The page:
Not securing additional funding for Ukraine would be a ‘real problem,’ Blinken says
Antony Blinken, U.S. Secretary of State, speaks with CNBC’s Andrew Ross Sorkin at the WEF Annual Meeting in Davos, Switzerland on Jan. 16th, 2024.
Adam Galici | CNBC
U.S. Secretary of State Antony Blinken talked to CNBC about his meeting with Ukraine’s President Volodymyr Zelenskyy at Davos on Tuesday.
“We need to make sure that with Congress, we get the supplemental funding that President Biden’s asked for, we’re working very hard on that,” he said.
Blinken said he believed there was bipartisan support for this in both Houses but explained that this would be an issue if the funds were not secured.
“Look there’s no magic pot of money — if we don’t get that money, it’s a real problem,” he said.
— Vicky McKeever
Putin says it’s impossible to take away Russia’s gains in Ukraine
Russian President Vladimir Putin said on Tuesday it was “impossible” to take away from Russia the military gains it had made in Ukraine.
Talking about possible peace talks, Putin also said in televised comments that ideas put forward by Ukraine were “prohibitive formulas for the peace process.”
Zelenskyy decries West’s ‘weakness’ in failing to sanction Russia’s nuclear industry
Volodymyr Zelenskyy, Ukraine’s president, during a special address on the opening day of the World Economic Forum (WEF) in Davos, Switzerland, on Tuesday, Jan. 16, 2024.
Bloomberg | Bloomberg | Getty Images
Ukraine’s President Volodymyr Zelenskyy on Tuesday decried the failure of Western allies to sanction Russia’s nuclear industry.
In a special address at the World Economic Forum in Davos, Zelenskyy said President Vladimir Putin had shown himself a “terrorist” after Russian forces seized Ukraine’s Zaporizhzhia nuclear power plant in 2022.
“It’s a clear weakness of the West that Russia’s nuclear industry is still not under global sanctions, even though Putin is the only terrorist in the world who took a nuclear power plant hostage,” Zelenskyy said.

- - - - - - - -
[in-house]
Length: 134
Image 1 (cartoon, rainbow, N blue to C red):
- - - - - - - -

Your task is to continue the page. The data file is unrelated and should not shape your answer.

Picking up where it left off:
Tensions around the Zaporizhzhia nuclear power plant have persisted throughout the war with Russia and Ukraine accusing each other of endangering the safety and security of the plant during missile strikes around the facility.
Though the European Union has largely weaned itself off Russian fossil fuels, it has found it harder to shake ties with the country’s civil nuclear industry, which is a key energy source for several eastern European countries.
— Karen Gilchrist
One man has stolen at least 13 years of peace, Zelenskyy says
Russian President Vladimir Putin has stolen years of peace and threatens not just Ukraine but the wider world, Ukraine’s President Volodymyr Zelenskyy told the World Economic Forum Tuesday.
“One man has stolen at least 13 years of peace, replacing them with pain, pain, pain and crisis that impact the entire world,” Zelenskyy told delegates in a keynote speech in Davos.
Saying Putin “embodies war,” Zelenskyy said “he will not change.”
Ukraine’s relationship with Russia started to deteriorate following the election of pro-Russian President Viktor Yanukovych in 2010. He was in office until 2014, when pro-European and anti-Russian protests swept across Ukraine, leading to his removal from power, a move that angered Moscow. Russia accused the West of orchestrating a coup in Ukraine, which it denied, and soon after invaded and annexed Crimea. Russia also supported pro-Russian separatists in eastern Ukraine before it invaded the country in 2022.
Volodymyr Zelenskiy, Ukraine’s president, center, is escorted by security from a bilateral meeting on the opening day of the World Economic Forum (WEF) in Davos, Switzerland, on Tuesday, Jan. 16, 2024. The annual Davos gathering of political leaders, top executives and celebrities runs from January 15 to 19. Photographer: Stefan Wermuth/Bloomberg via Getty Images
Bloomberg | Bloomberg | Getty Images
Zelenskyy said that anyone who believed the war would be contained to Ukraine was mistaken, warning it could easily spread beyond the country’s borders.
The president met international investors in Davos earlier Tuesday, pressing Ukraine’s case for private investment. The forum is an opportunity for Zelenskyy to plead Ukraine’s case for continuing military and humanitarian aid in front of dozens of heads of state and government, as well as business leaders.
The forum comes at a time when ongoing support for Kyiv looks shaky, given increasing war fatigue and forthcoming elections in the European Parliament and U.S. that could change the dial on military aid.